Adam Ehrlich, director of marketing communications at Ginger, was at this year’s Web Summit in Dublin to showcase its software, which helps both native and non-native English speakers write better English.
The Israeli company has been developing its proofreading and correction software for seven years now and if it reaches the ambitions it has set for the years to come, could make a number of translators and English teachers considerably nervous for their future job security.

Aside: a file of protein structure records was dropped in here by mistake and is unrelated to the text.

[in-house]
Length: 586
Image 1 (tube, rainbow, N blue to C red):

While the software is available on desktop computers, it could be argued that its wider market lies in its users’ hands, as its mobile app, Ginger Page, has been correcting Android keyboards and people’s messages for some time now.
However, with Apple recently opening up its keyboard developer tools for the first time last month, Ginger’s new iOS app hopes to open up a new market and opportunities.
In fact, the technology that has gone into Ginger Page recently made headlines after Intel singed a deal with Ginger to purchase some of the components of its correction software, and even hiring its staff, for US$30m, which could pave the way for Intel’s own virtual assistant-like algorithm.